Duty to Protect

Therapists have ethical and legal obligations to prevent their clients from physically harming themselves or others. If you believe a client is dangerous, you must use reasonable and conscientious effort in taking decisive actions to both protect and warn the potential victim of your client's violence.

The Legal Basis

The Tarasoff ruling, expanded further by the Hedlund case and other decisions, details the therapist’s duty to protect and warn. “The protective privilege ends where the public peril begins”: If you break the privilege of confidentiality in an effort to protect life, you generally will not be held liable for this breach under a doctrine of "qualified privilege" (i.e., if you can prove that there was a necessity to breach confidentiality). A recent review of suits against therapists for warning others indicates that, even though warning potential victims opens the therapist to allegations of breach of confidentiality, they should still do so to avoid liability for subsequent violence.

When adopting Tarasoff, the courts have usually followed these three basic principles in assessing liability:

  1. Foreseeability of harm(e.g., a verbal threat to an identifiable victim).

  2. Identifiability of a victim.

  3. Feasibility of therapist intervention.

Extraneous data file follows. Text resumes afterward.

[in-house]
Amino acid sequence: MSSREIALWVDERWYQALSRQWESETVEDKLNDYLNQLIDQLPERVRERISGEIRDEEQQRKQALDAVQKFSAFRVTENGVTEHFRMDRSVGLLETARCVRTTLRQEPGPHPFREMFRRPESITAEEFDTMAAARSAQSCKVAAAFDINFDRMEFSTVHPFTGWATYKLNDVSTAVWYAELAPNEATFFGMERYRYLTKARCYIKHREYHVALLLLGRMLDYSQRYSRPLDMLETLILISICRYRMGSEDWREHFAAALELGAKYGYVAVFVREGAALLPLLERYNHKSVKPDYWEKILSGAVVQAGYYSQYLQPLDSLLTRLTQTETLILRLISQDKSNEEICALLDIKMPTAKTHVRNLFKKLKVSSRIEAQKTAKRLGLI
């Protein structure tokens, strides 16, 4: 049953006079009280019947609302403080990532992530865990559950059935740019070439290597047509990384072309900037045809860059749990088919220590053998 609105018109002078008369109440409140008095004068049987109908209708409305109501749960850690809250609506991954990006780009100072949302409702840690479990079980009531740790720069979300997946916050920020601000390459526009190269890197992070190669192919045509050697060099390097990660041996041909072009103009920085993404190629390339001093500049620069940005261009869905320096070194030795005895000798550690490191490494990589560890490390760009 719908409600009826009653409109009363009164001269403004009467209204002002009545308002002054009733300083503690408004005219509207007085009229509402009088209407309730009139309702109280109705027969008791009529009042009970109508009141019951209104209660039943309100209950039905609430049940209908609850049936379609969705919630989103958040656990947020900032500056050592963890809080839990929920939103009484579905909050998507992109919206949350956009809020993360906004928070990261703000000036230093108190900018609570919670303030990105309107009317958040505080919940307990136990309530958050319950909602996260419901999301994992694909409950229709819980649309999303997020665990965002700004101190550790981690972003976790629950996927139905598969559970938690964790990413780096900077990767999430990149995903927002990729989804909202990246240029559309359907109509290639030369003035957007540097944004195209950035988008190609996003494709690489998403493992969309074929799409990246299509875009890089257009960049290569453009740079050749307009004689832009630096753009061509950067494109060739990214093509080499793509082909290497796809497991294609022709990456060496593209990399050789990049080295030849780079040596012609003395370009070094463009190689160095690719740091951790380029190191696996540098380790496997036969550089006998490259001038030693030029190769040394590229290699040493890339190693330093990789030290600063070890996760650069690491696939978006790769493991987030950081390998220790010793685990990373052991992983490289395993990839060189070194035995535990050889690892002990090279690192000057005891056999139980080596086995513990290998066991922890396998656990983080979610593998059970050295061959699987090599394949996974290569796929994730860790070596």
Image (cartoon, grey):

Some states have passed variations on the original “protect and warn” legislation and many court cases have sent mixed messages about the limits of therapists’ liability and required behavior. You should maintain up-to-date familiarity with your local laws. It’s also important to remember that the courts have never held a therapist liable when a professionally proper response was made. You will not be held responsible for a negative outcome if you have carefully and diligently performed proper evaluation, planning, and implementation of your clients’ treatments.

When Do You Have a "Duty to Warn"?

Therapists have a duty to warn--and should reveal the threat of violence--whenever there is reasonable cause to believe a client is dangerous to a person or to property. “Reasonable cause” is determined by these two core characteristics:

  1. The threat must be towards a specific and definable target. This must be a particular person, identifiable persons, or defined property, rather than a general group or category. The threat may be toward the client's self, and could include such stated intentions as self-mutilation, suicide, or even self-neglect.

  2. The threat has to be believable. It should be explicit, not vague. Motives count, as does the client’s personal history of threats or violent behavior.

We strongly urge you to become educated in evaluating dangerousness and violence and to stay current with developments in the field. A therapist is not liable for simple errors made in good faith and with reasonable professional judgment

Steps To Take When You Decide To "Warn"

Many factors are involved in what attorneys refer to as "discharging your Tarasoff duties." While you are mandated to take "reasonable" and "necessary" steps to protect the potential victim or victims, each situation is unique and your course of action will be guided to a great degree by the specific circumstances. Good sense suggests that you implement as many of the following options as are reasonable, appropriate, and in observance of your state’s laws: